The most entertaining aspect of Reynolds?s history is the wealth of irony in each anecdote he relates, providing proof that no cultural narrative, however artfully constructed, is without its contradictions, which often deserve narratives of their own. It took protracted production-room power-plays with the members of Joy Division in order for Hannett to midwife the distinctive sound of Unknown Pleasures, the band?s debut album. One reads with fascinated horror such tactics of Hannett?s as forcing drummer Steve Morris to dismantle his kit because of a perceived rattling sound, and having Morris record each part of it as a separate instrument (the bass-drum, the snare, the high hats), to avoid bleed-through of sound in the mix. ?The natural way to play drums is all at the same time,? Morris reports, audibly smarting at the memory. ?So I?d end up with my legs black and blue because I?d be tapping on them quietly to do the other bits of the kit that he wasn?t recording.? Hannett saw the studio as an instrument in itself, with its own capacity to manipulate space ? and with it the space between listener?s ears: rather than rush up on the listener like a pack of sozzled football hooligans, the sound as Hannett conceived it would advance stealthily from all corners like a detachment of crafty ninjas: as well thought-out as a government coup. Initially, Morris, singer Ian Curtis, bassist Peter Hook, and guitarist Bernard Sumner were displeased to hear the results of Hannett?s tamperings: had they their way, their version would have been more indicative of the sonic assault (and the inevitable bleed-through) of their live shows ? that is, more traditionally Punk rock. Today, the surviving members (Curtis hung himself in 1980) seem to have come to appreciate the attention to the minutest detail that Hannett brought to the mix ? the level of attention that seems possible only after you?ve stayed up for days on end listening to King Tubby while stoned on primo Ganj.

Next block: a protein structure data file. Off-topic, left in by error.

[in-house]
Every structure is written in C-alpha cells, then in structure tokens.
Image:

The chapters on Public Image Ltd. are rife with possibilities both explored and unattended. Following the demise of the Pistols in January 1978, vocalist John Lydon (n?e Johnny Rotten) formed Public Image Ltd. with guitarist Keith Levene and bassist Jah Wobble. The former individual was a professionally accomplished musician whose improvisatory approach to his instrument deliberately courted wrong notes and flubs; the latter had scant experience with his prior to picking it up. All three shared a love of reggae and what would later be known as world music.* You can hear those influences throughout the first three PiL albums (First Issue, Metal Box and Flowers of Romance). What?s particularly intriguing was the unfulfilled promise of PiL as a groundling communications corporation, as opposed to a mere rock band. That was what the members were selling it as in early press conferences, anyway: they spoke of the band eventually branching out into film, videos, graphics, and even designing music technology (recording devices, keyboards). This is seen by Reynolds as a continuation of the Punk project of the demystification of the record business: rather than butt their skulls against the walls of RCA like any good punk, PiL would seek to co-opt that which would co-opt them. An amusing conceit, but one that as yet hasn?t been realized in all its possibilities. Having already fulfilled at least one criterion of pre-industrial cultural practice (staying up for days on end listening to King Tubby while stoned on the finest hash), Lydon, et al. certainly had the imagination to come up with revolutionary ideas; what they lacked was the ambition and industry to make them reality. After a fact, PiL did become a corporation ? that is, a parody of a corporation: one that practiced indolence and sloth where most businesses stress discipline and goal setting. One can say it achieved 100% of its goals, only not in the commonly accepted definition of the word ?achieve.? Eventually Virgin, the band?s label, decided that it had cut Lydon as much slack as it ever would, and PiL?s days of wanton experimentation on the label?s dime effectively came to an end. Perhaps too conveniently, Reynolds identifies this particular moment (tail end of ?83) as the moment that Postpunk?s commercial and cultural influence came crashing back to earth. (Whereas we haven?t heard much of Levene or Wobble in the intervening years, Lydon has chosen to bank on his one saleable attribute ? his brief stint with the Pistols ? and has since proven himself to be as big a whore as the figures he?s derided in his lyrics.)